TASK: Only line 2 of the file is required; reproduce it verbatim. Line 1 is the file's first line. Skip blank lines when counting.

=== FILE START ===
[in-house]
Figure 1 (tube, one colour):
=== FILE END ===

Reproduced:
Figure 1 (tube, one colour):